Richard Newcombe's picture
Richard Newcombe on Mar 2, 2021

When I put my "HSE" hat on, the V8 roar is also relevant as it announces a potential hazard in your vicinity in a way, that at present, fully electric vehicles do not.

Matt Karber's picture
Matt Karber on Mar 3, 2021

I like the V8 rumble myself, but a fuel cell-powered speed record car like the Ford Fusion Hydrogen 999 is really cool, too. It did hit 207 mph, after all. A V8 can operate perfectly well (and very cleanly) on hydrogen, and actually will increase its horsepower, too, if you know how to do it.

Jim Stack's picture
Jim Stack on Mar 3, 2021

The internal combustion engine has been around for 100 years. It is still only 20 to 30% efficient. No matter what fuel it runs on it gets very hot and can burn you. The 2,000 parts all wear and create friction. It needs a complicated and inefficient transmission. It requires oil changes. It also required a muffler because it creates so much noise. It is over due that we ban and replace this example of poor engineering.

  An AC  electric motor is 80 to 110% efficient. It only has 2 moving parts and creates little heat or friction. It will last for millions of miles. It needs no transmission no exhaust . It can reduce brake dust and wear while making energy slowing down and stopping. It's a world of difference. 

Richard Newcombe's picture
Richard Newcombe on Mar 4, 2021


efficiencies will and are improving. The current generation of Formula 1 engines have achieved efficiencies of 50%, whilst this technology has not reached the commercial market yet, it will.

But given the choice of a Tesla or a classic Ferrari, which would you choose to drive? Synthetic fuels gives us "old" petrol heads a future (although we may have to change the name slightly).

Matt Chester's picture
Matt Chester on Mar 4, 2021

When you look to the future of using these synthetic fuels to retain the experience of the traditional engines, are you seeing these as specialty vehicles driven in specific conditions (on a race track, for example) or would they be just as ubiquitous as the fossil-fueled parallels now? I'm wondering whether there would need to be a wide network of fill-up stations for these fuels and if that would be an impediment, or if it wouldn't be necessary because they're not being driven on long trips but on special designated uses for the experience of it all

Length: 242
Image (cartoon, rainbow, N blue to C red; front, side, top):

Richard Newcombe's picture
Richard Newcombe on Mar 5, 2021

Matt, I see it on 2 levels, as you say in specialty vehicles (race tracks being an excellent example) and secondly as an interim measure. Not everybody will be able to afford to / or perhaps want to, ditch their existing vehicles. Synthetic fuels offers a 'greenish' option for them. 

Also as I indicated in my original posting, battery systems, at the moment, do not have the energy density needed for heavy goods vehicles, Aircraft and construction vehicles need.

I also have reservations with current battery technology, whilst green (well, as green as the source of electricity) it is not 'renewable' as current commercial battery technologies relies heavily on rare / exotic minerals and presents significant disposal challenges.

Richard Newcombe's picture
Thank Richard for the Post!